|May 18, 2015 • VOL. 53, NO. 10 • Oakland, CAA|
Father Ted: a priest, a friend, an American hero
My wife Gina and I visited with Father Theodore M. Hesburgh, president emeritus of the University of Notre Dame, my alma mater, the last time in August 2014. Father Ted, as he was affectionately known, passed away the evening of Feb. 26, 2015, at the age of 97. Our friend and rector of the Cathedral of Christ the Light, Father Jay Matthews, will celebrate a Memorial Mass for Father Ted, a priest, a friend, an American hero.
Come, Holy Spirit, I need you
Come, Sweet Spirit, I pray you
Come in your strength and your power
Come in your own special way
Father Hesburgh celebrated his last Mass on the morning of his passing. Undoubtedly, he called upon the Holy Spirit. He had a pastoral side that touched countless people throughout the university, the country, the world. Father Ted spoke several languages, five fluently, traveled around the world seven times, but always wanted to be known foremost as a priest. Father Ted positively affected whoever he encountered, no matter where, no matter their station in life. He spoke the language of the Holy Spirit.
With co-editor, renowned journalist, fellow Notre Dame graduate, Don Wycliff, I co-edited a book called "Black Domers: Seventy Years at Notre Dame." Father Hesburgh provided the foreword to "Black Domers," which celebrates the matriculation of the first African American student at Notre Dame, Frazier L. Thompson. Father Hesburgh proudly remarks in his foreword that in addition to the 1972 admission of women to Notre Dame, the influx of racial minority students was the university's biggest change: "I am privileged to have not merely witnessed this change, but also to have helped create it."
Because of Father Hesburgh' s insistence that Notre Dame invite, admit and sustain black and other racial minority students at Our Lady's University, many black alumni essayists in "Black Domers" express their appreciation of and outright love for Father Ted.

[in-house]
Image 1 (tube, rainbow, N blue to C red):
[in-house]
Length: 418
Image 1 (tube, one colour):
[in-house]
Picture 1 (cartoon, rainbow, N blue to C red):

And what a hero. When former President Richard Nixon won his second term in office, he promptly discharged Father Hesburgh as chair of the US Civil Rights Commission. Nixon had enough of Father Hesburgh' s incessant push for the enhancement of civil rights in our nation. As a bit of irony, Nixon sent a black federal judge to Father Hesburgh's Washington office to notify him that he had 24 hours to vacate the premises. Then there is the iconic photo of Father Hesburgh, hand in hand with the Rev. Martin Luther King Jr., at a Chicago human rights rally, where other notables and politicians shied away from a public demonstration with Dr. King. No wonder that Father Hesburgh' s autobiography is named "God, Country, Notre Dame."
Father Ted was a dear friend who endured me as a student leader in the '60s and '70s and later honored me by asking me to sign his copy of "Black Domers." A favorite refrain of Father Ted's was that he always wanted to "show up." He was proud of the fact that he was the then oldest living Holy Cross priest in his community. His friend, the late Father Charles Sheedy, told Father Ted that the secret to life was simply "showing up." At my last meeting with Father Ted I told him that every time someone opened up "Black Domers," he would "show up."
Father Ted, thanks for showing up as a priest, a friend, and an American hero.
(David Krashna is a retired Alameda County Superior Court judge, a 1971 Notre Dame graduate and its first and still only African American student body president. All profits from the sale of "Black Domers: Seventy Years at Notre Dame" are donated to the Notre Dame Frazier L. Thompson Scholarship Fund.)
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